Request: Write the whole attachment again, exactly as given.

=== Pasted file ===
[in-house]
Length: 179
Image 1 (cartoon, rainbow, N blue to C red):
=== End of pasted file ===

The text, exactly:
[in-house]
Length: 179
Image 1 (cartoon, rainbow, N blue to C red):